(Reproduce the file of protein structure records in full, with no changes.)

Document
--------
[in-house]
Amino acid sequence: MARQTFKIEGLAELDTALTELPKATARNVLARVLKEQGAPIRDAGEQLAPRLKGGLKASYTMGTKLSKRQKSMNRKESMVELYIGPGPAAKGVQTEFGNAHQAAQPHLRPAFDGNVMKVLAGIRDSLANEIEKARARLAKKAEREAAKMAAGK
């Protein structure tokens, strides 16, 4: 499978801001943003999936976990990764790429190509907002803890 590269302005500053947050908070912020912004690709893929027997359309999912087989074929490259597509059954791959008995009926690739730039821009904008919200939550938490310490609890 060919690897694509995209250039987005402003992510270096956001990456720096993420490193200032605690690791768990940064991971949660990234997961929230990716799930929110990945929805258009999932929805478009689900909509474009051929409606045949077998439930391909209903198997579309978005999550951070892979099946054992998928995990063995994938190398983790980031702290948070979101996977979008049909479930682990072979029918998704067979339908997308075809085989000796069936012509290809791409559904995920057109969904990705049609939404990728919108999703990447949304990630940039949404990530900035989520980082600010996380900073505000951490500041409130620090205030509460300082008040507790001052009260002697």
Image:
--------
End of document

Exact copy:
[in-house]
Amino acid sequence: MARQTFKIEGLAELDTALTELPKATARNVLARVLKEQGAPIRDAGEQLAPRLKGGLKASYTMGTKLSKRQKSMNRKESMVELYIGPGPAAKGVQTEFGNAHQAAQPHLRPAFDGNVMKVLAGIRDSLANEIEKARARLAKKAEREAAKMAAGK
């Protein structure tokens, strides 16, 4: 499978801001943003999936976990990764790429190509907002803890 590269302005500053947050908070912020912004690709893929027997359309999912087989074929490259597509059954791959008995009926690739730039821009904008919200939550938490310490609890 060919690897694509995209250039987005402003992510270096956001990456720096993420490193200032605690690791768990940064991971949660990234997961929230990716799930929110990945929805258009999932929805478009689900909509474009051929409606045949077998439930391909209903198997579309978005999550951070892979099946054992998928995990063995994938190398983790980031702290948070979101996977979008049909479930682990072979029918998704067979339908997308075809085989000796069936012509290809791409559904995920057109969904990705049609939404990728919108999703990447949304990630940039949404990530900035989520980082600010996380900073505000951490500041409130620090205030509460300082008040507790001052009260002697």
Image: